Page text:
What’s Here: Scroll for Big-Picture Insights
Thinking about writing for children and/or teenagers? Here are the easy answers:
- Yes, it’s as hard as writing for adults.
- No, you probably won’t make a lot of money, even if you do sell a book.
- No, selling a first book is no guarantee of a second just like selling a second is no guarantee of selling a third and so on.
The Authorial Voice in Today’s Discourse: The Page, Podium, Platform, Persona (And Nurturing Your Writer’s Heart), delivered by VCFA WCYA inaugural Katherine Paterson chair, Cynthia Leitich Smith. Presentation begins at 7:20.
By © Sue Corbett
Children’s Book Reviewer
Miami Herald/Knight-Ridder Tribune News Wire
Newspapers receive thousands of books a year — that’s in addition to the other thousands of press releases, story ideas, phone calls, news tips, etc., they receive — all vying for limited space in the feature section.
So to get newspaper attention,
Would you try to make a movie without watching some movies? Lots of them? Thousands?
Books have to accomplish much of what a blockbuster movie does. They have to capture the same audience.
Meanwhile, the big-budget movie maker has millions of dollars and a promotional budget, actors, special effects, sound effects, musical scores, etc. We have some carefully arranged lines and curves on paper.
For those of us who’ve fully embraced the writing life, the idea of “writing” and “living” as separate categories doesn’t always make sense. Writing is life, right?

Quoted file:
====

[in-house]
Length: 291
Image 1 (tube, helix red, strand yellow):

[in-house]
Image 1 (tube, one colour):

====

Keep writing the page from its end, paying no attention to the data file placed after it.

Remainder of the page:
Absolutely, but that synthesis doesn’t always flow as well as we’d hope.
Many of us wear multiple hats. I’m a writer, an author speaker, a writing teacher,
When I was young, I imagined writers curled up on window benches, wearing knotty sweaters, drinking cinnamon-orange tea, and scribbling the pearls of their existence.
I don’t do that.
I don’t even really use phrases like “the pearls of their existence.”
But I do scribble. I have little notebooks tucked here and there all over my cozy condo.
Your invisible playmates? The ones who whisper to you in the forest or as you daydream in your garden or play in the sand or stare up at the stars… Tell them I said “hi.”
Ask them if they wouldn’t mind your sharing some of their stories with young readers.
Treat them nicely. Sometimes they’ll confide in you you;
Contemporary Characters in Children’s Books
So far, my published stories have all been contemporary, set in the now, or at least in the very near past.
One of the big questions writing about contemporary stories is the degree to which the author should integrate current events, slang, and pop culture.
A lot of people put forth the idea that we should create timeless children’s stories so that they will be equally appealing to each successive generation.